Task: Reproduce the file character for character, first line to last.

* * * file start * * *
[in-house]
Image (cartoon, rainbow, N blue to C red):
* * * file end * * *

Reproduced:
[in-house]
Image (cartoon, rainbow, N blue to C red):